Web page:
Kashkari believes that the truth of the current state of the economy lies in the housing market, which is still healthy but experiencing a moderate slowdown consistent with the current fed funds rate. He believes that in historical terms, it is hard to gauge just how restrictive monetary policy is right now since the Fed is dealing with a constantly changing environment, which may almost be considered a “butterfly effect”.

When the Fed hiked rates above 5% some believed that the economy would nosedive into a recession, believing that the level of debt that had built up as the nation exited the Pandemic would crush the consumer.

Debt service ratios measure the amount of disposable income which is used by non-financial corporations and households to service their outstanding debt payments. This has been rising but has only now reached its long-term average of 15%.

Using this as a guide, it is possible that the Fed could indeed hike rates again without driving the economy into a recession. However, if wage increases fall dramatically as the jobs market goes from moderation to job losses, that picture may change rapidly.

The dollar index stemmed its recent losses as the speculative sellers ran into committed buyers.

It rallied to a high of 104.63 and closed at 104.51.

EUR – Market Commentary

De Guindos is concerned about G7 elections in 2024

The Vice President of the ECB, Luis de Guindos, gave a speech yesterday in which he spoke of the effect of the current geopolitical situation and its potential effect on the stability of the Eurozone.

He was speaking considering the recent assassination attempt on the President of Slovakia.

He feels that markets underestimate the effect of events outside a nation’s borders, concentrating too much on what are insignificant monthly changes in a country’s inflation, output or economic activity.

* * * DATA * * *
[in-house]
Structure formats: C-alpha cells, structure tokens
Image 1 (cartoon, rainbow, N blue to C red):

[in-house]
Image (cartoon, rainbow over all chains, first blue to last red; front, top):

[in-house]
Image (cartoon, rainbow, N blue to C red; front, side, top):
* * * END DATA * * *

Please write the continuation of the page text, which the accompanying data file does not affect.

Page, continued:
For example, global stock markets have soared to record highs this year despite half the world heading for elections and ongoing wars in the Middle East and Ukraine.

There is an overriding concern with monetary policy changes which may be common as Central Banks in the developed world appear to course to cut interest rates, but they need to be mindful of what is happening overseas.

Europe’s macroeconomic outlook is brightening, but markets may be underestimating the potential for sudden destabilization due to geopolitics, the vice president of the European Central Bank told reporters yesterday.

Markets are very experienced in calibrating financial or economic risks but often view geopolitical risks in an all-or-nothing binary manner.

The electoral cycle in the U.S. Europe and the U.K. may usher in a different view of world events than is considered currently and that, particularly in the U.S. may bring an entirely new set of geopolitical assumptions.

European Central Bank (ECB) Board member, Isabel Schnabel, spoke overnight of her concern that while the ECB may well agree on a cut in interest rates at its June meeting, it should look “long and hard” at the data since there is a risk that it may ease rates prematurely.

She believes that while the data may predicate a rate cut in June, the path beyond that and into the third quarter is much more uncertain.

Based on the current data, a further cut in July may be unwarranted.

Schnable’s comments jar with those of some of her colleagues. She believes that inflation risks are still tilted to the upside, a view that even Christine Lagarde appears to disagree with, it since if that were the case, the ECB would not even be considering a rate cut in June.

Schnabel believes that the close the headline rate of inflation comes to its 2% target. The more cautiously the ECB needs to tread. She feels that an overshoot won’t necessarily be a bad thing.

The euro ran out of steam as it approached the 1.0929 level, which had been seen as holding potential resistance.

It reached 1.0895 but fell back to 1.0855 and closed at 1.0867.

Have a great day!

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Alan Hill

Alan has been involved in the FX market for more than 25 years and brings a wealth of experience to his content. His knowledge has been gained while trading through some of the most volatile periods of recent history. His commentary relies on an understanding of past events and how they will affect future market performance.